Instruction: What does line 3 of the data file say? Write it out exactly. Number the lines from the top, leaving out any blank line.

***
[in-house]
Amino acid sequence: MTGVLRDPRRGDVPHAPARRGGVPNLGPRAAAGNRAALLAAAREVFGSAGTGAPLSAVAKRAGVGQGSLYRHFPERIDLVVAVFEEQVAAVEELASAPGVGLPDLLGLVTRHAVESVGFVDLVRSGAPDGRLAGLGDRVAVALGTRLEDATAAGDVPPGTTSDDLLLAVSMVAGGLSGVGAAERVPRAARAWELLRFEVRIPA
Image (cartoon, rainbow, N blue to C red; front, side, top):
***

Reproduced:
Image (cartoon, rainbow, N blue to C red; front, side, top):